Wheat Soilborne Mosaic in Southeast Nebraska Wheat

Wheat Soilborne Mosaic in Southeast Nebraska Wheat

Wheat soilborne mosaic virus

Figure 1. Stunting of wheat (foreground) due to wheat soilborne mosaic. (Photo by Dewey Lienemann)

April 26, 2013

Wheat soilborne mosaic

Figure 2. Wheat soilborne mosaic symptoms.

Some wheat fields in southeast Nebraska are showing localized or large areas with yellow and stunted wheat. When this condition occurs early in the growing season, it is most likely due to wheat soilborne mosaic (WSBM), a disease caused by wheat soilborne mosaic virus (WSBMV). A wheat sample recently submitted to the Plant and Pest Diagnostic Clinic from Gage County had symptoms of wheat soilborne mosaic. The virus mainly affects winter wheat, but spring wheat also can be infected.

Symptoms And Favorable Environmental Conditions

Stunting caused by wheat soilborne mosaic (Figure 1) can vary from moderate to severe depending on the level of cultivar susceptibility. Leaf symptoms can range from mild green to conspicuous yellow leaf mosaics (Figure 2). Symptoms are most prominent on early spring growth. The disease is favored by wet soils and cool temperatures (a temperature range of 50°F to 68°F with 61°F being optimum). Symptoms wane as temperatures rise in the spring.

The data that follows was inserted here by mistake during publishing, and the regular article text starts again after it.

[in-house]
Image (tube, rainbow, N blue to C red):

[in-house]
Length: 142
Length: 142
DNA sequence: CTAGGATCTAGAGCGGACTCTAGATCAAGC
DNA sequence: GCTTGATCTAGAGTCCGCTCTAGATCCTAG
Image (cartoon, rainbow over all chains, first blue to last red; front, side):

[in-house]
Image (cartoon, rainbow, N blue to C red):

Disease Cycle and Spread

The wheat soilborne mosaic virus survives in soil in association with resting spores of the root-infecting fungus Polymyxa graminis. This fungus preferentially inhabits low-lying wet areas. Therefore, field symptoms may be uniform but more often are localized along waterways, low-lying wet areas (Figure 3), or around old building sites. The resting spores of the fungus germinate by forming zoospores which swim in wet soil and infect root hairs, transmitting the virus in the process.

The most damaging infections occur in the fall during cool, wet periods. Following infection, the virus replicates in the roots of resistant and susceptible cultivars, but moves more readily to the leaves of susceptible cultivars. The virus is spread by cultivation, water, wind, and any means by which infested soil is dispersed.

wheat soilbore mosaid

Figure 3. Field symptoms of wheat soilborne mosaic localized in a low-lying area.


Breeding lines and cultivars vary widely in their susceptibility to wheat soilborne mosaic. Yield losses of up to 20% can result from the disease. Rarely, total yield loss can occur in highly susceptible cultivars.

Planting resistant cultivars is the most effective management strategy. Crop rotation is not effective because Polymixa graminis, the virus vector, survives in the soil for many years.

Stephen Wegulo, Extension Plant Pathologist
Randy Pryor, Extension Edcucator
Paul Hay, Extension Educator
Kevin Korus, Extension Educator


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